Menashe review: The most emotionally honest film you'll see this year
Menashe deserves our attention for its oddness and heart alone
Menashe offers outsiders a chance to puzzle over the fascinating mess of influences that form the Yiddish tongue
Film Title: Menashe
Director: Joshua Z Weinstein
Starring: Menashe Lustig, Ruben Niborski, Yoel Weisshaus, Meyer Schwartz
Running Time: 81 min
A tension often reveals itself when film-makers go among isolated social enclaves. There is often an urge to show that such people are “just like the rest of us”. But responsible artists also need to honour the singularity of the communities on screen. Joshua Z Weinstein’s quiet, raw drama casually finesses that balance by being entirely true to itself. Its universality springs from its particularity.
Weinstein, whose roots in documentary are visible throughout, sets his film within a Yiddish-speaking Hasidic community in deepest Brooklyn. Even if he hadn’t happened upon such a touching narrative, the picture would have considerable ethnographic interest. Almost nothing of the outer New York finds its way into the picture. Two Latino wags are the only English speakers (a cute irony for Trumpian Wall builders).
The governing influence remains the local rabbi. Firm Talmudic principles govern every social interaction. The picture offers outsiders a chance to puzzle over the fascinating mess of influences that form the Yiddish tongue.
The regime ultimately causes heartache for the amiable, emotional Menashe (Menashe Lustig), forced to hand his son over to the boy’s uncle when his wife dies. The religious rulers find it unacceptable for a man to raise a child on his own. Family is vital. A woman is a necessary companion.
“The gentiles have broken homes and so they have a broken society,” pompous uncle Eizik declares.
A less daring film-maker would have made an ideal parent of Menashe, but the portly shop assistant, though endlessly kind, is forever at home to everyday disasters. When picking up a load of fish, he forgets to close the van doors and sends the produce clattering about the street. At times the picture suggests Kramer vs Kramer with the Jewish establishment in the Meryl Streep role.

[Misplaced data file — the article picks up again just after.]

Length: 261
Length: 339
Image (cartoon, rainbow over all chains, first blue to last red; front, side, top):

But, whereas Dustin Hoffman learnt how to be an efficient dad, Menashe can, even by the close, scarcely heat a kugel without setting the house on fire. The rabbis might be right for the wrong reasons.
That bumbling nature adds further poignancy to Menashe’s situation. A non-professional actor who slips comfortably into a demanding lead, Lustig shows good instincts for light comedy and high drama. Aware that his problems would be solved if he found a wife, he goes on a disastrous date, during which – clearly no great catch – he tells the woman she is not his type. The poor fellow is as much a prisoner of his own character as of tradition.
Many viewers will expect some sort of rebellion against the strictures. But Weinstein imposes no such movie-movie sensibilities. Menashe finds the rules unfair, but he never suggests those rules shouldn’t apply. “You think this is a free world?” somebody asks rhetorically. Rare is the American film featuring characters who accept “no” as an answer to that question.
And yet. As the film comes to an uncertain conclusion, Weinstein does allow the rabbi one touching moment of sympathy towards our protagonist. It’s not a big thing. On the surface, it looks like nothing more than politeness. But it can be read as an opening of the door to compromise.
Shot with a mobile camera, making spare use of music, Menashe would deserve our attention for its oddness alone. Here is a film featuring a lead actor who had never seen a film before. It goes within one of the world’s most filmed cities to discover an environment rarely revealed to outsiders. But it also wins kudos for the emotional honesty of its uncomplicated narrative. Here are things that happen to few of us. Here are things that happen to all of us.